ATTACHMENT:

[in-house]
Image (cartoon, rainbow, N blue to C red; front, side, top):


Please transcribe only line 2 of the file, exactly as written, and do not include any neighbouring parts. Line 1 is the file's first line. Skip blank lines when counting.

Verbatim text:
Image (cartoon, rainbow, N blue to C red; front, side, top):